Welcome to hunting season, Cardinals fans. The wait is over, the time to fester over strategy is gone and the process of reformatting this team for another World Series has begun. As Lawrence Tierney once said to a group of reservoir dogs, "Let's get to work."
The Cardinals won the coaching change offseason by bringing back Jose Oquendo and acquiring Willie McGee and Mike Maddux — but they have work to do in reshaping this lineup for a comeback.
Let's be clear: the Cardinals need to trade for Giancarlo Stanton, the Miami Marlins superstar with a desire to play in front of more than 15,000 fans and actually compete for a title before he's 35.
Sure, the Cardinals could sign Eric Hosmer, a Matt Carpenter replicant who isn't much better than No. 13. They could sign Greg Holland, a 32-year-old closer whose arm may not be as sharp as it looks. Michael Girsch could bring in J.D. Martinez for six years and $180 million.
But neither of those players gives you the substantial impact that Stanton brings, and I am looking at this from a marketing standpoint and winning point of view. Stanton changes things in a big way, but what would it take to get him.
First, there's the contract, which includes ten more guaranteed seasons for a grand total of $285 million with a 2028 option of $25 million more attached to it (10 million dollar buyout). Right off the bat, Miami has to know they are eating at least $60 million of that contract, especially if they want a few players in return.
Christian Yelich is a fine ballplayer and Marcel Ozuna can mash, but they don't take enough money off the books for Derek Jeter's new ownership group, so it's going to be Stanton leaving. With three years left before the slugger can opt out of his contract, the time to deal him is now.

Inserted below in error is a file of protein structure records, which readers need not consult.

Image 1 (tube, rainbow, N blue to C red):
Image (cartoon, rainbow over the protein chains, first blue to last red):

What would it take to acquire Stanton, in addition to the $220 million being shoved into his bank account? A combination of players that would NOT include Alex Reyes or Carlos Martinez.
Unless the Marlins wanted to eat $80 million or more of his contract and ask for nobody else, Reyes isn't going to South Beach. It simply doesn't make sense for the Cardinals to deal away their future #2 starter for even a star like Stanton. Miami isn't that stupid, so let's move on.
A package could include Stephen Piscotty, who has a friendly contract and could pair well with Yelich and Ozuna, and give the Marlins a formidable outfield. It's not outside the box to think Piscotty could benefit from a fresh start and return to his 2016 ways. He could even move his mother down to warm and sunny Miami to live with him as she battles ALS.
The Cardinals could also send second baseman Kolten Wong to Miami, giving the Marlins a replacement for the eventual loss of Dee Gordon (who could hop on the plane to St. Louis if he liked). Wong showed a lot of improvement in 2017, albeit spending a fair portion of it on the disabled list. Wong also has a team friendly contract that benefits the Marlins. The Cardinals have a clog in their infield, and could easily replace Wong's production and receive better defense with Jedd Gyorko taking over full-time duties at second, with Paul DeJong settling in at shortstop. Heck, Aledmys Diaz could even exist as a fallback option if Gyorko got hurt.